• Effect of minimal standards of neonatal care Admit Deaths Mortality Relative risk p value (%) (95% CI)Total admissionsA 1167 205 17.5B 1247 122 9.8 0.56 (0.45-0.69) <0.0001RR adjusted for higher number of neonates <2kg in ‘95-97 0.59 (0.48-0.74) <0.0001Birth weight <1000gA 17 15 88.2B 10 7 70.0 0.79 (0.51-1.23) 0.32Birth weight 1000-1499gA 90 60 66.7B 71 21 29.6 0.44 (0.30-0.65) <0.0001Birth weight 1500-2000gA 134 31 23.1B 120 14 11.7 0.50 (0.28-0.90) 0.02Septicaemia or pneumoniaA 341 47 13.8B 224 11 4.9 0.36 (0.19-0.67) 0.0006Birth asphyxia or meconium aspirationA 135 30 22.2B 137 18 13.1 0.59 (0.35-1.01) 0.057
    • Models of care: referral criteria Indications for referring newborns to hospital • Birth-weight between 1-1.5 kg • Birth-weight between 1.5–2.0 kg if: ¨ Respiratory distress or apnoea ¨ Signs of sepsis • Birth asphyxia • Severe respiratory distress • Severe infection ¨ Sepsis ¨ Meningitis ¨ Osteomyelitis / septic arthritis • Any infection that does not improve after 48 hours of appropriate treatment • Severe abdominal distension • Signs of shock (>3 seconds for capillary refill, weak pulse, cold hands) • Congenital abnormalities: ¨ Suspected congenital heart ¨ Open abdominal lesions ¨ Ambiguous genitalia ¨ Imperforate anus ¨ Bile (green) stained vomiting ¨ Frequent vomiting and lots of saliva in the first few hours of life ¨ Pain and swelling of the testes or the inguinal area • Recurrent apnoeas (>3 periods of no breathing for longer than 20 seconds per day) • Coma and / or convulsions • Uncontrolled bleeding despite Vitamin K injection • Pallor • Severe jaundice or jaundice that lasts longer than 2 weeks • Unexplained poor weight gain for more than 2 weeks after birth Call or radio National Referral Hospital or provincial hospital
    • Models of care: referral mechanisms•  Communication•  Transport•  Funding•  The model in Fiji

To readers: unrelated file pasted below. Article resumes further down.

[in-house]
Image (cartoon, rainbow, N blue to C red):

• Other resources•  Training on the WHO Pocket Book of Hospital Care –  Training in care of the neonate with LBW, sepsis, birth asphyxia•  Assessment tools for neonatal care standards at hospitals•  Appropriate technology•  Posters•  Simple standardized data reporting system
    • Training strategies•  Training CD-ROM
    • NEONATAL RESUSCITATIONNeonatal resuscitation can be highly effective even without oxygen using a self-inflating resuscitation bag & maskAll newborn babies should be given their first dose of BCG and Hepatitis B vaccines and a dose of vitamin KBabies should be breast-fed within the first hour of birth Produced by the Paediatric Society of PNG and the World Health Organization 2008
    • Systematic approach to the use of oxygen•  Concentrators•  Oximetry•  Bubble-CPAP
    • Simple systems of data for surveillance
    • Simple standardised outcome reporting
    • Simple standardised outcome reporting 2010 2011Diagnoses Admit Deaths CFR Admit Deaths CFRAll neonatal 2752 335 12.3 4180 480 11.5Neonatal sepsis 592 37 6.3 2124 152 7.1Asphyxia 467 54 11.6 1219 165 13.5VLBW 106 32 30.2 518 169 32.6
    • Sepsis•  Half a million neonatal deaths each year•  WHO recommends treatment with penicillin / ampicillin and gentamicin•  Many countries use third-generation cephalosporins to treat neonatal sepsis
    • •  19 studies, 13 countries, >4000 cases of bacteraemia•  Staph aureus, Klebsiella spp. and E. coli accounted for 55% (39–70%)•  Penicillin/gentamicin had comparable in vitro coverage to third-generation cephalosporins (57% vs 56%)•  Resistance to the combination of penicillin and gentamicin and to third-generation cephalosporins occurs in more than 40% of cases
    • Implications•  How to determine criteria for second-line therapy that are implementable in resource-limited settings•  How to ensure recommendations are effective but minimise the development of further resistance•  How to make available more expensive or higher- generation antibiotics in resource-limited developing countries but ensure their use is based on evidence•  How to address the poor state of bacteriology services in most developing countries and improve local surveillance data
    • Summary•  Models of care at primary, district, referral level•  It can be done…and saves lives•  Tools available•  Implementation science•  Monitor neonatal outcomes – it can be done•  Antibiotic stewardship needed
    • How to start•  What services are needed at –  health clinic –  district hospital –  referral hospital… –  to establish a minimal standard of neonatal care•  What current capacity exists?•  What human resources are needed?•  What technical resources are needed (physical facility space, medications, equipment, guidelines, training)?•  What are the appropriate referral criteria and mechanisms?